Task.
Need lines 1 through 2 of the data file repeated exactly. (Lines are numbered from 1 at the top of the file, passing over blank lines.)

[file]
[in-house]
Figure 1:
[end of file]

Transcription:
[in-house]
Figure 1: